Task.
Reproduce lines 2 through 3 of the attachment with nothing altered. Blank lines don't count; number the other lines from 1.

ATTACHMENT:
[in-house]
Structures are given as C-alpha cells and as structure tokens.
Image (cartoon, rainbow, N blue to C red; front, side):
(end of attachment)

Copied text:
Structures are given as C-alpha cells and as structure tokens.
Image (cartoon, rainbow, N blue to C red; front, side):